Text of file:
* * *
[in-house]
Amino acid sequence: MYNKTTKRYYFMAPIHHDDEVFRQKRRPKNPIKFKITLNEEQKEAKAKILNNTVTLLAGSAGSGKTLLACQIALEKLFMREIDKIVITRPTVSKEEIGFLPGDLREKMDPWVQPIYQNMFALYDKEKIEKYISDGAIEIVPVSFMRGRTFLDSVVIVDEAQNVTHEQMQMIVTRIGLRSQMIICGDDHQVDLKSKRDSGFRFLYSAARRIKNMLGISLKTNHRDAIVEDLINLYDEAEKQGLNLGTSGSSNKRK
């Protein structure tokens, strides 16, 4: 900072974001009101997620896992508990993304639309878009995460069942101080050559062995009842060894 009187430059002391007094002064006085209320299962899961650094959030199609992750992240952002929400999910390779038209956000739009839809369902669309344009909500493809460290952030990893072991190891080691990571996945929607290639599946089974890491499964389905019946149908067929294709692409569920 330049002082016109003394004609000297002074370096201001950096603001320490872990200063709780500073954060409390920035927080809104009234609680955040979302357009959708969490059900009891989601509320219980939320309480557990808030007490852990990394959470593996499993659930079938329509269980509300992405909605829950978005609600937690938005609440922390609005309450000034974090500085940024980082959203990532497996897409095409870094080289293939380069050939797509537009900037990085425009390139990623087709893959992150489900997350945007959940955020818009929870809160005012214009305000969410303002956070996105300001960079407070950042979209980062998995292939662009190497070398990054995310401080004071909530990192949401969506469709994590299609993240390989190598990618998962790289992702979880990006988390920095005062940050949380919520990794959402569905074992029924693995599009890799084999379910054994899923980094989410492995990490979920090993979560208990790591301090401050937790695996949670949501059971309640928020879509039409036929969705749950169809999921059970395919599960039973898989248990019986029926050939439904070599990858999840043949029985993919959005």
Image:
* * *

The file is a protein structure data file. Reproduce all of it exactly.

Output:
[in-house]
Amino acid sequence: MYNKTTKRYYFMAPIHHDDEVFRQKRRPKNPIKFKITLNEEQKEAKAKILNNTVTLLAGSAGSGKTLLACQIALEKLFMREIDKIVITRPTVSKEEIGFLPGDLREKMDPWVQPIYQNMFALYDKEKIEKYISDGAIEIVPVSFMRGRTFLDSVVIVDEAQNVTHEQMQMIVTRIGLRSQMIICGDDHQVDLKSKRDSGFRFLYSAARRIKNMLGISLKTNHRDAIVEDLINLYDEAEKQGLNLGTSGSSNKRK
């Protein structure tokens, strides 16, 4: 900072974001009101997620896992508990993304639309878009995460069942101080050559062995009842060894 009187430059002391007094002064006085209320299962899961650094959030199609992750992240952002929400999910390779038209956000739009839809369902669309344009909500493809460290952030990893072991190891080691990571996945929607290639599946089974890491499964389905019946149908067929294709692409569920 330049002082016109003394004609000297002074370096201001950096603001320490872990200063709780500073954060409390920035927080809104009234609680955040979302357009959708969490059900009891989601509320219980939320309480557990808030007490852990990394959470593996499993659930079938329509269980509300992405909605829950978005609600937690938005609440922390609005309450000034974090500085940024980082959203990532497996897409095409870094080289293939380069050939797509537009900037990085425009390139990623087709893959992150489900997350945007959940955020818009929870809160005012214009305000969410303002956070996105300001960079407070950042979209980062998995292939662009190497070398990054995310401080004071909530990192949401969506469709994590299609993240390989190598990618998962790289992702979880990006988390920095005062940050949380919520990794959402569905074992029924693995599009890799084999379910054994899923980094989410492995990490979920090993979560208990790591301090401050937790695996949670949501059971309640928020879509039409036929969705749950169809999921059970395919599960039973898989248990019986029926050939439904070599990858999840043949029985993919959005």
Image: